Lucy as seen in the wild at the Vero Beach Book Center
It's Lucy's launch day, and in her honor, the fantastic folks at Rock Star Book Tours are hosting a book blast and a giveaway! To enter, visit one of the participating blogs!
The book blast post is a little something I wrote about the first time I backpacked across Europe, and how the experience taught me a few rules of the road.
Me at 22, in Versailles
Like Lucy Sommersworth, the heroine of Love, Lucy, my parents gave me the gift of a lifetime: a backpacking trip to Europe. I was a bit older than Lucy—22, and just out of college—but when I arrived in Milan, Italy with a Eurail pass, a copy of Let’s Go: Europe, and a seventy-pound backpack I could barely lift, I was a wee bit terrified.
Like Lucy, I spoke only a little bit of Italian, just barely enough to get by, and I wasn’t particularly good at reading maps or train schedules.
Street map of Milan, courtesy of http://www.aboutmilan.com/useful-maps-of-milan.html
Unlike Lucy, I was travelling solo.
Luckily, my journey began with training wheels. I’d just taken a college Italian class, and my professor had offered a safe crash pad for the first few days of my trip—in her family home in the Alps. Less luckily, when I reached Malpensa airport, nobody was there to pick me up. Giddy with excitement and jet lag, I wandered around the airport, eavesdropping on Italians as they hugged each other hello and goodbye, and had noisy arguments. I’d never felt more alone in my life. Where would I sleep that night if my ride didn’t show up?
Also luckily, my professor's brother arrived at last to whisk me away to the family home in Domodossola. The extended family welcomed and fed me, gave me tours of their city with its charming medieval center, helped me practice my Italian, and, when the time was right, brought me to the train station where my solo travels began for real. It was time to take off the training wheels.
Found on Wikipedia
If I’d felt alone back in the airport, I was even more so on that train to Verona, a city where I didn’t know a soul. In those pre-internet days, I could disappear into thin air and nobody would even notice I was gone. The thought was chilling, but oddly exciting.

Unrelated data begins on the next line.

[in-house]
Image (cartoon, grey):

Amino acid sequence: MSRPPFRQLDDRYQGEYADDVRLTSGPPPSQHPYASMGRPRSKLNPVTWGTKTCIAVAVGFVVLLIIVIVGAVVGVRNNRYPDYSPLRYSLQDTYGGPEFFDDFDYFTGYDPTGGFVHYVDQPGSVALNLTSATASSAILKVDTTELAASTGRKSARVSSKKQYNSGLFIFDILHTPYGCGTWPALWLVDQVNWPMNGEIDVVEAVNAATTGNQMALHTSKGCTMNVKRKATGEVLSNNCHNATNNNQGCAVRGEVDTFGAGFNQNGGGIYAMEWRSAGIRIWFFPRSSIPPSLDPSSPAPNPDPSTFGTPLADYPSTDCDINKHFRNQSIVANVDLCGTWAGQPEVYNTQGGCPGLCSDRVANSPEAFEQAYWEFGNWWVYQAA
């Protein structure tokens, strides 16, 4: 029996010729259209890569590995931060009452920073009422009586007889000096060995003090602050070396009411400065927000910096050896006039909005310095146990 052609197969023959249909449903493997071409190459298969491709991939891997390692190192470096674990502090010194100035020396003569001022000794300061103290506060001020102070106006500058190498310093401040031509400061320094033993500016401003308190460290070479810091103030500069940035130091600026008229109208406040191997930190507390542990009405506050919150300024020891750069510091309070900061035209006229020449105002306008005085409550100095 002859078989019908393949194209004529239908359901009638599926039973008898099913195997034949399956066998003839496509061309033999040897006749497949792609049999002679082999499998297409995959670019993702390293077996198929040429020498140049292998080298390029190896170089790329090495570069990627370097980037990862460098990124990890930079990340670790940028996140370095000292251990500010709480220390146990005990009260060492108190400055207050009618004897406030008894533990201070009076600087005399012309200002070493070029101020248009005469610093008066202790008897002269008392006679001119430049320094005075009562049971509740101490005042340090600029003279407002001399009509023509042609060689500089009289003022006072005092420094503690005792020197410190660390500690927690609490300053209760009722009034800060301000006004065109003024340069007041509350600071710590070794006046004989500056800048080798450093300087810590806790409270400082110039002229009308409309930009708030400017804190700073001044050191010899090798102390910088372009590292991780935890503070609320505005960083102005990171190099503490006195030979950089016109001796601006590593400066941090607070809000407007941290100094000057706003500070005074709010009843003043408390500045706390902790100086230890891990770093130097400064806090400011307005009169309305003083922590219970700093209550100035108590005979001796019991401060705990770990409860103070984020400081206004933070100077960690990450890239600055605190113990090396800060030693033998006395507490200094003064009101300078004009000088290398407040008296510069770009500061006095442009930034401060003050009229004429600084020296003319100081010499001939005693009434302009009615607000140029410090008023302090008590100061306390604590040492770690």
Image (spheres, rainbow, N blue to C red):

By nightfall, I’d made it to Verona. I’d figured out the public transportation, found a youth hostel, and booked myself a bed.
A page from my scrapbook: At Juliet Capulet's house, in Verona
of all, I had introduced myself to a handful of other backpackers. We
hung out together in the hostel’s common area, sharing bread and cheese,
exchanging stories, discussing the rules of the road—those bits of
practical wisdom our travels were teaching us. Here are a few:
Time passes differently on the road. Spend a few very intense hours seeing the sites with strangers and by the end of the day, those strangers have become a part of your story. Years later you’ll see their faces in your photo album and still remember stray details of the adventures you shared together, even if you can’t quite recall their names.
Street Artist, Munich
Spontaneity is key. There are few things as magical as showing up at a train station with no idea where you’re headed next, picking a random train, and hopping on.
Window shopping near St. Mark's Square, Venice
Janis Joplin said it best: Freedom’s just another word for nothing left to lose. When you’re carrying all your possessions on your back in a city where you don’t know a soul, you’re absolutely free. You can go anywhere, do anything. That freedom has its lonely moments—but it can be the doorway to all kinds of adventures.
A scruffier me, after I'd been on the road a while!
Embrace misadventure. As carefully as you plan there will be crazy mistakes: wrong turns, slept-through train stops, multilingual misunderstandings, and all kinds of other blunders—and these will make the best stories. My misadventures are some of my favorite memories. The time I missed curfew and had to climb into my hostel through a second-story window. The morning when, hanging out my recently washed clothes to dry, I dropped my wet underthings out the window, onto a stranger’s head. The night when, with no room to stay in, I slept on Venice’s train station steps with about a hundred other backpackers, the stars above us and the Grand Canal stretched out before us.
Lifted from http://blogs.iesabroad.org/priyank-baid/the-city-of-canals-veniza/dsc07763/
Would I trade that last memory for a safe, comfy night in an actual bed? Not on your life.